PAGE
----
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Flashcards go digital

I’ve used flash cards for years, mainly while trying to tackle languages. Anki_MainThe process of making the cards helps understanding the material better and breaks ground on committing the facts to memory. But, as the collection of flashcards grows, they start to become unwieldy. You end up with stacks of the things everywhere.

A few months ago, I was in my local coffee shop and got to talking with my coffee neighbor who is a student in Berlin. He showed me a program that he’s been using to get up to speed in German: Anki. You can write up your flashcards and sort them by decks and with tags; then Anki uses a guided logic to to show the cards to you at spaced intervals. This means that material you covered months ago will come back up every now and again, and you can see if it stuck. This is really important when learning a language; obtaining a decent working vocabulary is one of the biggest challenges. You get hit with so many new ones every day that it’s hard to keep track. A tool like this can be very helpful.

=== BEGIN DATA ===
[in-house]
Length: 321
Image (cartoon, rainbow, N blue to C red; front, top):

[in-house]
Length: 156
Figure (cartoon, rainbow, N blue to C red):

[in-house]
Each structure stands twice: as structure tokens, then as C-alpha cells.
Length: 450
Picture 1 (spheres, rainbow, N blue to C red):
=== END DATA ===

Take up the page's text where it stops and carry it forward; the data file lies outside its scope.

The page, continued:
At the moment, I’m trying to tackle several different subjects: mac OS X admin, the layout of the Biolab IT infrastucture, German, FreeBSD, Python, Ruby, Android development, and so on. With Anki, I create the cards on my laptop, and then transfer the decks to my cell phone running android. I then can use those wait spaces–like waiting for a train, or waiting in line–to review the things I’m trying to learn.


Just a few subjects…

I would highly recommend Anki to anyone who is trying to learn anything. It’s so helpful and completely open-source. To learn more, visit their website here:

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